Blow the whistle!

I suppose no one should really have anything against the idea that there could be peer-reviewed journals where scholars could publish without getting their hands dirty by networking and just knowing the right people. And why not, as one indicator of research quality, our referee publications can be counted, and discussed together with citation indexes and the visible impact of the research. But making referee articles mechanically something which everybody should do whatever their discipline is cannot be criticized too much.

In many fields of research referee journals are not even considered worthy to talk about. Their impact can be even felt to be only negative, quite paradoxically, as people feel they’d have to publish in one though they don’t read any and though they don’t have respect for nearly any referee journal around. In many fields referee journals stand for anything else than impact, creativity, and possibilities for new thinking. In the long run this will be an unbearable situation, if we don’t tackle it somehow.

In Helsinki University this has already become some sort of farce. As an alumni I have a lot of contacts to Helsinki University, and everybody seems to be daily upset about the pressure to publish referee articles. At parties people laugh and cry about A1 and A2 publications, and it seems that those who comment on this are often the ones who are really passionate and non-compromising about their work. In some cases referee journals might of course drag you down when you are too far away from the community around us (yes, we know the dangers of being too absorbed by your own thoughts), but it sounds like there would be a danger that universities might in the future lose the most creative scholars to this new system where it is often more important to not make mistakes than to produce something new.

The problem has become an everyday issue for Aalto as well e.g. through the politics of the Finnish academy and some foundations which have mostly adopted their way of thinking about this from the Academy. While having referee articles as one of many indicators of quality for a whole university should not bother us, but if funding is too connected to this single factor, singular disciplines should be able to veto, and to present other methods for measuring quality. If referees simply are not having any considerable impact in what we talk about in e.g. European philosophy, artistic research, or, for example, in many schools of cultural semiotics, we just cannot take them as the base for quality control, if we are seriously for quality.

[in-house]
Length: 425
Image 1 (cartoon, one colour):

One problem with the issue in the field I am working with myself (art, philosophy of art, etc.) is that people are ideologically against all types of rankings and quality control, so although I have been sure that we will face this (I wrote an article about it already 2005:  “Ranking tulee – oletko valmis?” Hiidenkivi 2005: 4, pp15-17) and although I have many times said that we have to deal with it so why not deal intelligbly, everybody has always said that you cannot find 100% functional methods of quality control. But that’s not what it is about… It is about giving an option to rely upon something else than bare myths. Even the Shanghai, which I see as stupid to use in this school (as it is mostly about natural science), has broken some mythological auras which some universities which have classically been considered to be good have had. We need rankings to have more ways of discussing what is good and what is bad, and we need a lot of different systems, so that no system or narrative could become overtly dominating.

Well, to get back to business. What could we possibly add to the list of ways of doing quality control for research?

Here are some ideas:

– we don’t have an index but once in a while we see that someone has refered to our work – so why could we not (everyone, individually) collect these references to a database?

– it is not only technological innovations which are done in the ‘garage’ – so let’s list the best art journals and other publications from the ‘field’ if they really publish theoretical essays (there are still not many referee classics, most of the texts I hear discussion about are books or essays published in non-referee journals)

– when scholars are invited to be guest speakers somewhere (and preferably even so that someone pays their trip – in our school we see international activity too much as something which we have to pay for) it definitely tells something about their impact and that there is interest towards their work: shouldn’t this be listed?

More? I am sure that the list could easily be expanded, this was just for stimulation…